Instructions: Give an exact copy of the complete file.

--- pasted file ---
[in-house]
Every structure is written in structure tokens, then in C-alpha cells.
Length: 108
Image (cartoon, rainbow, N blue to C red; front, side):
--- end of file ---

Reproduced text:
[in-house]
Every structure is written in structure tokens, then in C-alpha cells.
Length: 108
Image (cartoon, rainbow, N blue to C red; front, side):